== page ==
St. Cecilia by Joshua Reynolds, 1776
Thursday, February 23, 2017 Nic Butler, Ph.D.

Today we’re going to travel back in Lowcountry history to celebrate the 250th anniversary of the first orchestra in the British America, which was formed right here in Charleston, a decade before the birth of the United States. I’m talking about Charleston’s St. Cecilia Society, the first musical organization in America, which was formed in the spring of 1766 and gave its first concerts in October of that year. The society is still around today, but they got out of the concert business in 1820, and since that time have kept a pretty low profile. You may have heard of the St. Cecilia Society in the context of secretive debutante balls, or perhaps you’ve had a sip of the potent beverage called St. Cecilia Society Punch, but I’m not talking about any of that modern stuff.

Two hundred and fifty years ago, the St. Cecilia Society was founded as a subscription concert organization, and for fifty-four years it sponsored an annual concert series that was the envy of every other city on the continent. In fact, one could argue that the roots of every symphony orchestra in the United States can be traced back to this Charleston society. I’m not trying to claim that the first concerts in America took place in Charleston. Documentary evidence shows that concerts of European music were heard in other British-American cities, including Boston, New York, and Philadelphia, as well as colonial cities in Spanish Latin America and South America, and in French Canada, before the establishment of the St. Cecilia Society in Charleston in 1766. But there’s a difference. In British America, concerts in the early eighteenth century were usually what the British call “one off” events rather than part of a continuous series. Furthermore, concerts in early British America were generally organized by the performers—professional musicians—who sold tickets and hoped to make a profit.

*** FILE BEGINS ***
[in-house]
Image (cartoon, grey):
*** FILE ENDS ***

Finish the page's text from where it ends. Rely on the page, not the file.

In Charleston, things were different in both of these regards. Beginning in 1766, the St. Cecilia Society was a stable, corporate body, organized and managed by wealthy gentlemen, who contracted with professional musicians and hired performance spaces. Each year, over a period of fifty-four years, The St. Cecilia Society sponsored a regular series of fashionable concerts for the members of their elite society and their families and guests. In all, I estimate that the society presented more than four hundred concerts between 1766 and 1820. Considering these facts, it’s not a stretch to call our St. Cecilia Society the most significant musical institution in the United States before the founding of the New York Philharmonic in 1842.